Present address: T. C. Cameron, Earth & Biosphere Institute, School of Biology, University of Leeds, Leeds LS2 9JT.
Population responses to perturbations: predictions and responses from laboratory mite populations
Article first published online: 18 AUG 2004
Journal of Animal Ecology
Volume 73, Issue 5, pages 983–995, September 2004
How to Cite
BENTON, T. G., CAMERON, T. C. and GRANT, A. (2004), Population responses to perturbations: predictions and responses from laboratory mite populations. Journal of Animal Ecology, 73: 983–995. doi: 10.1111/j.0021-8790.2004.00859.x
- Issue published online: 18 AUG 2004
- Article first published online: 18 AUG 2004
- Received 10 September 2003; accepted 5 January 2004
- density dependence;
- environmental stochasticity;
- population dynamics
- 1Mathematical models are frequently used to make predictions of the response of a population to management interventions or environmental perturbations, but it is rarely possible to make controlled or replicated tests of the accuracy of these predictions.
- 2We report results from replicated laboratory experiments on populations of a soil mite, Sancassania berlesei, living in ‘constant’ or ‘variable’ environments. We experimentally perturbed vital rates, via selective harvesting, and examined the population-level responses. The response depends on the stage manipulated and whether there is environmental variability. Increased mortality usually decreased population size and increased population variability. However, egg mortality in a variable environment increased total population size.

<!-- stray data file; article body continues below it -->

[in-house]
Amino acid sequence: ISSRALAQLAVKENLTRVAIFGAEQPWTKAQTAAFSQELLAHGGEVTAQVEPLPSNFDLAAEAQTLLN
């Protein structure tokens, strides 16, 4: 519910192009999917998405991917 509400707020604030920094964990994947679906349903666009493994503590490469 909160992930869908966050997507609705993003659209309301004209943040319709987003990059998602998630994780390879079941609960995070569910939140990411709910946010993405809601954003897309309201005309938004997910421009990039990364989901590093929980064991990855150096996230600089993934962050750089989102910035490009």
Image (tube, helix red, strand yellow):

- 3We used time-series analysis to construct a stage-based population model of this system, incorporating the responses to both density and variation in food supply.
- 4The time-series model qualitatively captures the population dynamics, but does not predict well the way the populations will respond to the change in mortality. Elasticity analysis, conducted on the model's output, therefore did not lead to accurate predictions.
- 5The presence of indirect positive population effects of a negative perturbation, but only in a variable environment, suggests that predicting the population response will require the incorporation of density dependence and environmental stochasticity. That the considerable biological complexity of our time-series model did not allow accurate predictions suggests that accurate prediction requires modelling processes within a stage class rather than trying to make do with simple functions of total density.